Welcoming diverse thinking


By Marisa Geitner, president and C.E.O.

As we continue to explore ways to better share common places and welcome one another in the relationship of community, let’s unpack where we really are with welcoming diverse experience and thinking.

When someone shares an opinion that appears different from our own, do we lean in and listen?  Do we ask questions to understand their perspective or do we check them off the list and begin conversation with someone else?  When we need to tackle a tough problem or a new community issue do we reach out broadly and welcome others in or do we retreat to pal with those who we know “see it our way?”

With a hurdle to clear far too often we are quick to implement ideas and aim to fix, therefore it’s natural that we tend to group with others who have similar tendencies and views.  What feels natural here, however, has been proven to not yield strong results.  Rather, learning and sustainable change comes through a diverse dialogue of exploring and clarifying the challenge; sharing broad and different ideas to approach the matter; good time in development of next steps and then implementation.  Each piece of the process is so very important. With others around the table who have diverse gifts, the challenge gets clearer and the way forward is productive and thoughtful.


Looking at respect

Marisa blog

By Marisa Geitner, president and C.E.O.

Are you feeling the reason for the season — are you feeling the promise and renewal as we move into the spring season? Are you eager to do something following the blessing and rejuvenation of Easter?  Make change or start anew? As Mahatma Gandhi once said, are you ready to “be the change that you wish to see in the world”? Don’t lose momentum, the first step might be much closer than you think.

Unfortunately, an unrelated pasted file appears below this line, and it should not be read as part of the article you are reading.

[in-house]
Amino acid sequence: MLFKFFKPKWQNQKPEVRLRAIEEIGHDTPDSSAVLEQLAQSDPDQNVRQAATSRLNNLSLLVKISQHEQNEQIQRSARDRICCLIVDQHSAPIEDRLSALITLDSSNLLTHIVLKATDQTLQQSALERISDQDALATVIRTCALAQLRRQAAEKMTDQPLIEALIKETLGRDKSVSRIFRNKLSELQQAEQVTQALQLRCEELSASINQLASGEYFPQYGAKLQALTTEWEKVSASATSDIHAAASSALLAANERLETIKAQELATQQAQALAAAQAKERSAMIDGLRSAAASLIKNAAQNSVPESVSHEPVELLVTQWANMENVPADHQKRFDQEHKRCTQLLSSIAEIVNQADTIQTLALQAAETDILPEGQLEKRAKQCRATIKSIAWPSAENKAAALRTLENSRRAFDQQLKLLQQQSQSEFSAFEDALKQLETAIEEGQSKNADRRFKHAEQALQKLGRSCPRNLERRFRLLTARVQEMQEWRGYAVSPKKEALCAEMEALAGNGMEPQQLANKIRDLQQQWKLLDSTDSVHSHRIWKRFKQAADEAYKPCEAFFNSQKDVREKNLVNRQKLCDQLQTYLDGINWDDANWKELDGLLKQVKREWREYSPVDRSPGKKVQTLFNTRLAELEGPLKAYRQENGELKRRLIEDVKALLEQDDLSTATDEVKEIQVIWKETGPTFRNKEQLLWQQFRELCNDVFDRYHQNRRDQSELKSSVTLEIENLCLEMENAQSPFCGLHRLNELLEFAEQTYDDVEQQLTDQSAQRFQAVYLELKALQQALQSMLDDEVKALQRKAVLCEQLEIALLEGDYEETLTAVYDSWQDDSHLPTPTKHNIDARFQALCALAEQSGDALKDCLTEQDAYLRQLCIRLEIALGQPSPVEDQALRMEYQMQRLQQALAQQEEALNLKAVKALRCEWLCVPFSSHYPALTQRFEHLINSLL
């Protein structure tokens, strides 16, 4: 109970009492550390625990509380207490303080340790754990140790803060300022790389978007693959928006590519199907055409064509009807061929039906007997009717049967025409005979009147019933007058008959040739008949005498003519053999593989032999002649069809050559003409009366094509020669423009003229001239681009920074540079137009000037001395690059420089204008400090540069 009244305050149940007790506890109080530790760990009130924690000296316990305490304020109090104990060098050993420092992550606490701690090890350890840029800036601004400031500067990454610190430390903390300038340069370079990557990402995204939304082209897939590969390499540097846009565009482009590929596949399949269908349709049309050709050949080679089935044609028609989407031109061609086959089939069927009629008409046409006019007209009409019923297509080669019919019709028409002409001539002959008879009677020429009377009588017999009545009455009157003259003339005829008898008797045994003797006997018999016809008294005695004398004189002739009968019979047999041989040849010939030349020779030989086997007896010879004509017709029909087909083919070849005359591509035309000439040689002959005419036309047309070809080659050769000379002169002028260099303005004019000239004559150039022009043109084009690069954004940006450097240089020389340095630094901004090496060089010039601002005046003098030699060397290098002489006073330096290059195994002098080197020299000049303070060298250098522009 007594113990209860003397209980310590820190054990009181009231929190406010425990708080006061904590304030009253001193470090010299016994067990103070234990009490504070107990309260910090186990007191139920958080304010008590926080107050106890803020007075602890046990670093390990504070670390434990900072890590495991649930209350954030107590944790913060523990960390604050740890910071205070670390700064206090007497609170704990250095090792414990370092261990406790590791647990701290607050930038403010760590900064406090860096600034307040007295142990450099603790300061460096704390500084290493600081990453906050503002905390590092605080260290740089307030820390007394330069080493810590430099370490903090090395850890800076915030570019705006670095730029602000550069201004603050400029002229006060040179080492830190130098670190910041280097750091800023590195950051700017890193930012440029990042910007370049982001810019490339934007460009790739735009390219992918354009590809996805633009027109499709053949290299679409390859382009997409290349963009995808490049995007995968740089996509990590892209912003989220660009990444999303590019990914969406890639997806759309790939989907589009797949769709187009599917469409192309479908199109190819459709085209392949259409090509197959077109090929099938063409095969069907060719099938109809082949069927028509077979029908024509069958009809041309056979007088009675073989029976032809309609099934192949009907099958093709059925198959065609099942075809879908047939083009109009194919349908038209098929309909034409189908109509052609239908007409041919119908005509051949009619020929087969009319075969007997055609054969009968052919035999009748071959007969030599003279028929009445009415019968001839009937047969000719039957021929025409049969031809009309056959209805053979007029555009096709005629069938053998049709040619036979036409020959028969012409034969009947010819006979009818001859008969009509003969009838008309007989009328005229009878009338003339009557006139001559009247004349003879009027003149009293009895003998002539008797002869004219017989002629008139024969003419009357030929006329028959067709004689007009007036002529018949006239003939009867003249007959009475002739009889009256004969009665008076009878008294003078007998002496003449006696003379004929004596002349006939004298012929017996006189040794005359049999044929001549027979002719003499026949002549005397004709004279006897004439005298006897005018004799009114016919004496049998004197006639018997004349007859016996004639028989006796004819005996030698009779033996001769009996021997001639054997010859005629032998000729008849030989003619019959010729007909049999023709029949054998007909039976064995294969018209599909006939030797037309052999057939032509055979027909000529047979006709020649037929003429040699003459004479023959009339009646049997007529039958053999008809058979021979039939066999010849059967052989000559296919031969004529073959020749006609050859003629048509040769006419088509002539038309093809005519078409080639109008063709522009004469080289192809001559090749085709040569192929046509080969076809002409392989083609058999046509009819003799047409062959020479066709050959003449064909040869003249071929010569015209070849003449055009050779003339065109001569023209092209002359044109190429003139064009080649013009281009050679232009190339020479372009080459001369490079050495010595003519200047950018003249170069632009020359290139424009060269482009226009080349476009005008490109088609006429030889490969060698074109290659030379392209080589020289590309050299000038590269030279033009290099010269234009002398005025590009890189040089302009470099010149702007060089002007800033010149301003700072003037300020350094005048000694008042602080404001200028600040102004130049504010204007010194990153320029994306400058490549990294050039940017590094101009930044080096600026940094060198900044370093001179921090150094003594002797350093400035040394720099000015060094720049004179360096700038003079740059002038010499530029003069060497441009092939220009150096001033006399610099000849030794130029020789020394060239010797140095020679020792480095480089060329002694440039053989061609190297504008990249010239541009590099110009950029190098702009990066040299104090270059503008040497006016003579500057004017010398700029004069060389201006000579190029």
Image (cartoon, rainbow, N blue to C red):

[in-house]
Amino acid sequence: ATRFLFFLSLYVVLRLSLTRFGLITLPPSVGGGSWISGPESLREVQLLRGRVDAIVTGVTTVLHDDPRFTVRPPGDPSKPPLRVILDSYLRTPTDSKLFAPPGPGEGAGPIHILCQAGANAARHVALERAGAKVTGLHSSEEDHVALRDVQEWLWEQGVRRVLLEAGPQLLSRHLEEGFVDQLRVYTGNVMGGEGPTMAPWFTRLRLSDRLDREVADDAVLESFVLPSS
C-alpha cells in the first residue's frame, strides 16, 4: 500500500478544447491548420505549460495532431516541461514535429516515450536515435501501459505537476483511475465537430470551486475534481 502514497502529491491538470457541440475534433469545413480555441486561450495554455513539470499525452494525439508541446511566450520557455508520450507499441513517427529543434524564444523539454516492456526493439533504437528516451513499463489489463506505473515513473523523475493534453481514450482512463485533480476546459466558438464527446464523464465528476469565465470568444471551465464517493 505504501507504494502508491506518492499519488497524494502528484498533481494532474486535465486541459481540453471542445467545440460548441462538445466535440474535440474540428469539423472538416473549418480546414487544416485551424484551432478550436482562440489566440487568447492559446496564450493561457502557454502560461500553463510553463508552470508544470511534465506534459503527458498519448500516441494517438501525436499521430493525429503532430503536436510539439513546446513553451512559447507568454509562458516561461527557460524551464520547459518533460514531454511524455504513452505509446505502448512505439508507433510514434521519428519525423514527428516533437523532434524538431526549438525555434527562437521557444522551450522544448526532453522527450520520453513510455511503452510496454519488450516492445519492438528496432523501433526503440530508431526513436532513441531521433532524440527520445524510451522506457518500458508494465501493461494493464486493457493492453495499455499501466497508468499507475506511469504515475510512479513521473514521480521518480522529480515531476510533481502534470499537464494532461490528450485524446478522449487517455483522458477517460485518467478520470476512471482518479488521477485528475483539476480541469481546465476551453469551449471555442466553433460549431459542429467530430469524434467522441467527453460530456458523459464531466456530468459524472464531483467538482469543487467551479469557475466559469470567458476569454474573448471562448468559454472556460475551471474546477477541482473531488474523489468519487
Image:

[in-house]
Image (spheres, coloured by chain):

At Heritage Christian, one of the ways we demonstrate our Christian compassion, a corporate value, is by smiling and making eye contact.  It is a seemingly simple discipline that if we aren’t careful in today’s day, might just become a lost art. We believe that our commitment to connecting sets us apart and it starts by showing our respect for others by looking them in the eye.

If given time to reflect, I think we can all agree on the power of connection that comes through eye contact.  Whether simply a passing connection to demonstrate our respect and care for another or looking deeply into someone’s eyes as a window into their soul, we rely on eye contact to connect and communicate on a conscious and an unconscious level.  Eyes tell us so much. They show us interest, direction, focus and emotion. Each of us is prepared differently to make eye contact, and that’s ok too! The purpose is to show respect and interest and welcome others. Begin by showing that in whatever way is most comfortable to you.

Today I ask that you take that step in being the change you’d like to see, to build a better relationship of community and to respect and connect with others.  As you pass by someone, smile and make eye contact. When you pay for your groceries, look into the eyes of the cashier, smile and say thank you. When you share dinner with your friends or family tonight, make a point to share eye to eye contact.  Let this simple gesture open you up to others. Let them see your willingness to acknowledge, respect and get to know them. You won’t be disappointed and you will be surprised to see how natural it is to respond to what you see in their eyes. The opportunity for change opens up from there!

Reshaping responsibility


By Marisa Geitner, president and C.E.O.